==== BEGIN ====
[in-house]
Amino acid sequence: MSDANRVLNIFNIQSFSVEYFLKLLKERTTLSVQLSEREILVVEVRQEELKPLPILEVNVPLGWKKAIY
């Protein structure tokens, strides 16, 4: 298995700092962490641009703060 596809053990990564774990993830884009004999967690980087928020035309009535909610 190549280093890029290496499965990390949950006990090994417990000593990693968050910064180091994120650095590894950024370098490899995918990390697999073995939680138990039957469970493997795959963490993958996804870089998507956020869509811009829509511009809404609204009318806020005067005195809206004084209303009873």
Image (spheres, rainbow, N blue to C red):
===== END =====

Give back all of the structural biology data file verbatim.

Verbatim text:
[in-house]
Amino acid sequence: MSDANRVLNIFNIQSFSVEYFLKLLKERTTLSVQLSEREILVVEVRQEELKPLPILEVNVPLGWKKAIY
């Protein structure tokens, strides 16, 4: 298995700092962490641009703060 596809053990990564774990993830884009004999967690980087928020035309009535909610 190549280093890029290496499965990390949950006990090994417990000593990693968050910064180091994120650095590894950024370098490899995918990390697999073995939680138990039957469970493997795959963490993958996804870089998507956020869509811009829509511009809404609204009318806020005067005195809206004084209303009873």
Image (spheres, rainbow, N blue to C red):